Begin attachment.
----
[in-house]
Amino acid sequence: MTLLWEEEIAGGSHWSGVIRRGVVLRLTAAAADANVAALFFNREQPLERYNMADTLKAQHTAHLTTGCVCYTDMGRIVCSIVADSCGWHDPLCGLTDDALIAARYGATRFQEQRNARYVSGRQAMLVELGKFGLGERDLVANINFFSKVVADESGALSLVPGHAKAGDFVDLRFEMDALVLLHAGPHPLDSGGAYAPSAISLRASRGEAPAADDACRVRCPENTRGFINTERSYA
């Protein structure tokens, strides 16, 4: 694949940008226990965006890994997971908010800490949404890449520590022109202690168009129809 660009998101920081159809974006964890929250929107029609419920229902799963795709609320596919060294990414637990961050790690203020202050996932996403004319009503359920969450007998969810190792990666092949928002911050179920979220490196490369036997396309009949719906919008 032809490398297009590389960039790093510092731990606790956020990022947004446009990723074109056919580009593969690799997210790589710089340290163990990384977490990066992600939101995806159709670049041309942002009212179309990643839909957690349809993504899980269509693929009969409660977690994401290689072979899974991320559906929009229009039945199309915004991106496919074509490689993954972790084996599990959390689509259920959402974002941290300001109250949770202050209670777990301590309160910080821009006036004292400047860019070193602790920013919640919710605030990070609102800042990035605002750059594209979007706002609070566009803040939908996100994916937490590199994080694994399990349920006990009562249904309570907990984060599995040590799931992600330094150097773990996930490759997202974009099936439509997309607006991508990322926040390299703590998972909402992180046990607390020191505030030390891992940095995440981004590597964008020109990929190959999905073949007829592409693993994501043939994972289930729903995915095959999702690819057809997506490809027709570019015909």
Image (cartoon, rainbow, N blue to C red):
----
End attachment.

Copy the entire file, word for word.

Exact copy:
[in-house]
Amino acid sequence: MTLLWEEEIAGGSHWSGVIRRGVVLRLTAAAADANVAALFFNREQPLERYNMADTLKAQHTAHLTTGCVCYTDMGRIVCSIVADSCGWHDPLCGLTDDALIAARYGATRFQEQRNARYVSGRQAMLVELGKFGLGERDLVANINFFSKVVADESGALSLVPGHAKAGDFVDLRFEMDALVLLHAGPHPLDSGGAYAPSAISLRASRGEAPAADDACRVRCPENTRGFINTERSYA
């Protein structure tokens, strides 16, 4: 694949940008226990965006890994997971908010800490949404890449520590022109202690168009129809 660009998101920081159809974006964890929250929107029609419920229902799963795709609320596919060294990414637990961050790690203020202050996932996403004319009503359920969450007998969810190792990666092949928002911050179920979220490196490369036997396309009949719906919008 032809490398297009590389960039790093510092731990606790956020990022947004446009990723074109056919580009593969690799997210790589710089340290163990990384977490990066992600939101995806159709670049041309942002009212179309990643839909957690349809993504899980269509693929009969409660977690994401290689072979899974991320559906929009229009039945199309915004991106496919074509490689993954972790084996599990959390689509259920959402974002941290300001109250949770202050209670777990301590309160910080821009006036004292400047860019070193602790920013919640919710605030990070609102800042990035605002750059594209979007706002609070566009803040939908996100994916937490590199994080694994399990349920006990009562249904309570907990984060599995040590799931992600330094150097773990996930490759997202974009099936439509997309607006991508990322926040390299703590998972909402992180046990607390020191505030030390891992940095995440981004590597964008020109990929190959999905073949007829592409693993994501043939994972289930729903995915095959999702690819057809997506490809027709570019015909």
Image (cartoon, rainbow, N blue to C red):